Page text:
Thursday, September 3, 2009

What is Holiness?

God said we must be perfect because he is perfect. In the midst of the Sermon of the Mount, such a statement can seem an onerous demand upon intrinsically imperfect creatures, but is that what it's intended to be? Granted, God is perfect, and if we're ever to get along with him, we'll have to be perfect too, but is this a demand as much as it is a statement of fact?

If God allowed imperfection to run amok in his universe(s) [that's for any of you string theorists out there ;-)] he wouldn't fit the definition of being perfect. Perhaps he could understand what is perfect, maybe even want what is perfect, but he, himself, would not be perfect because he would be unable to "make it so." Jesus spoke a verity on that mount, really a necessity: if it wasn't so, God wouldn't be God.

We, however, are not perfect nor can we be. There is one, alone, who is good, and it ain't us! But we must be, if we're ever to get along with God! We are part of the universe made by the perfect creator and it is a necessity that we be perfect in all that we are, or we'll have to be perfect not as we are. Right now, we can think, desire, choose, act, create, i.e. express the image of God (though marred and imperfect). In order to continue to do so, we'll have to come into accord, be perfectly aligned, and absolutely congruent with him who is perfect.

Hell, and by that I mean the Lake of Fire, is not the petty, vindictive, hissy fit of someone really big and strong. It is a logical necessity in view of an eternal, omniscient, omnipotent, omnipresent, perfect God. If those made in his image will not choose perfectly, then they must be perfectly incapacitated from making any choice whatsoever. The undying worm and never ending flame of hell are meant to accomplish just such a purpose.

But we are not perfect, nor could we ever be. What's a person to do? We certainly don't want to burn in hell. We must become holy! There is one who is perfect, it is the essence of his holiness, and he is willing to share his Holy Spirit with those willing to put their trust in Christ. When he who is holy is abiding in those who can't be on their own, holiness becomes remarkably possible. When those folks are recreated at the Rapture, their holiness will be perfect.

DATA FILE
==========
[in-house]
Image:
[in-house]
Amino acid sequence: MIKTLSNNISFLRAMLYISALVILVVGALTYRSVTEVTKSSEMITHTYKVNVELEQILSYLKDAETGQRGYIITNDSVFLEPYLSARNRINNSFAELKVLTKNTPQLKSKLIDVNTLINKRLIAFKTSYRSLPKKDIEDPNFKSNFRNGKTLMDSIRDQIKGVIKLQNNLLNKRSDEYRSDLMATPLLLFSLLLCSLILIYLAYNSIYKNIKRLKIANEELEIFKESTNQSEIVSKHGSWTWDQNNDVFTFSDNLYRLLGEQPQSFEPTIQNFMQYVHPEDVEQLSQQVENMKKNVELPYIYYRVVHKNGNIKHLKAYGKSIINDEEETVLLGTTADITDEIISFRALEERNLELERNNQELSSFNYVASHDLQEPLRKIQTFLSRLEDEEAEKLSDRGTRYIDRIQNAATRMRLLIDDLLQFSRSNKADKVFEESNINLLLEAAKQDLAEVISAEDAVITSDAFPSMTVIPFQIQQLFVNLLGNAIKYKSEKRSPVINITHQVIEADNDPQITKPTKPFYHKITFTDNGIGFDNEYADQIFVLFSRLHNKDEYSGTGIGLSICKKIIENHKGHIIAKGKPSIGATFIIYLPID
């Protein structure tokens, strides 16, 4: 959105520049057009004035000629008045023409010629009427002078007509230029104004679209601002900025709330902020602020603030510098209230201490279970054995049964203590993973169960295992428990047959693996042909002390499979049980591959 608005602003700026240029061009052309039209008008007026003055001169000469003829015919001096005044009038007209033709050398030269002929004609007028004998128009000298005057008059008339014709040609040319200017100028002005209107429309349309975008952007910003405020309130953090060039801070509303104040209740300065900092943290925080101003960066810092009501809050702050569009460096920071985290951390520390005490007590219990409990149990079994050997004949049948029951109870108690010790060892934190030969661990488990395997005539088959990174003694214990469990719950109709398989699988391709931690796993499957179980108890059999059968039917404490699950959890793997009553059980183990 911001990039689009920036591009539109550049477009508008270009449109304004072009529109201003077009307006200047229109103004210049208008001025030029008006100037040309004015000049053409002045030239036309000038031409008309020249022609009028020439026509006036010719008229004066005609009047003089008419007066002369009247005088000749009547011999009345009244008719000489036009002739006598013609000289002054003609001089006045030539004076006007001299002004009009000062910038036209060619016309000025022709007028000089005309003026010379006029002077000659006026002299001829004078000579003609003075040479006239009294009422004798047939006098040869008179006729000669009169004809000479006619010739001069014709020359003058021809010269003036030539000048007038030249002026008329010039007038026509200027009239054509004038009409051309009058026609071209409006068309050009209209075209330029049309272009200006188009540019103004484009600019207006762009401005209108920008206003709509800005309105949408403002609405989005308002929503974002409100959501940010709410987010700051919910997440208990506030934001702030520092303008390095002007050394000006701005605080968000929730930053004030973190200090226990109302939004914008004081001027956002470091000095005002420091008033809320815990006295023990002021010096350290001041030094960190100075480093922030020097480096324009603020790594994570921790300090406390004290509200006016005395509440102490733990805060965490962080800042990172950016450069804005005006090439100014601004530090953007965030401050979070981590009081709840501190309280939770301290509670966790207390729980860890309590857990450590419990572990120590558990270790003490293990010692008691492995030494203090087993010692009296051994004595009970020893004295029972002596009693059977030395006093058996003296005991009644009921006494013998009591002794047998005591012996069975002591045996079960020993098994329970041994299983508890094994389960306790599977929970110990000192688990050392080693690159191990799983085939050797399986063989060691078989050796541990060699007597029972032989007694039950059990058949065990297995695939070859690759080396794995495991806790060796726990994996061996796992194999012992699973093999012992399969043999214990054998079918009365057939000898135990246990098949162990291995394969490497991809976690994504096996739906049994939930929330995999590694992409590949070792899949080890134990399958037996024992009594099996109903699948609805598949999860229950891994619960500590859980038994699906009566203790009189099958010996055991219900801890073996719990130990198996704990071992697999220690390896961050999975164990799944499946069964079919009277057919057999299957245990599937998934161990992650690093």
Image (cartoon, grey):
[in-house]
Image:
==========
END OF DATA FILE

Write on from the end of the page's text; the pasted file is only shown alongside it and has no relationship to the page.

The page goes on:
4 comments:

  1. Yeah Nanc, true enough. We often think about perfect love, only in terms of us being on the receiving end of it, but it wouldn't be perfect if it could stomach folk treating those loved with hatred. So it's horizontal as well as vertical. I suppose the hateful wouldn't want to get in on that!

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  2. Jesus died at the cross "unholy" for us to be holy.

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  3. So true, Marvin.

    Sometimes, I think we have a tendency to see that entirely in terms of status, but what would that accomplish? If there is no difference in interaction, attitude and behavior, what good would a status change be if the person whose status was changed continued to relate to and act before God in an unholy way? That for God, would be like one of us marrying a contentious woman (Prov 21:9,19; 25:24), only for eternity rather than a lifetime. I don't think that is his plan.

    He changes both status and heart, because he is making a home. First he changes status by sprinkling the unholy with holy blood, thereby setting it apart for himself. Then the Spirit moves in and changes the interior and in so doing makes a place he can be at home.

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